"When an application for a statutory three-judge court is addressed to a district court, the court's inquiry is appropriately limited to determining whether the constitutional question raised is substantial, whether the complaint at least formally alleges a basis for equitable relief, and whether the case presented otherwise comes within the requirements of the three-judge statute."
370 U.S. at 715, 82 S. Ct. at 1296; O'Hair v. United States, 281 F. Supp. 815, 819 (D.D.C. 1968); but cf. Jackson v. Choate, 5 Cir. 1968, 404 F.2d 910, 912. Our sole function is to review district court determinations with respect to the three prerequisites to the convocation of a three-judge court.5 Our opinion merely determines the sufficiency of plaintiffs' claim for three-judge relief, and to the extent that the constitutionality of the state tax scheme is discussed, we express no opinion as to the ultimate resolution of that issue.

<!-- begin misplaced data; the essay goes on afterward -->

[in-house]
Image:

I. Does the complaint at least formally allege a basis for equitable relief?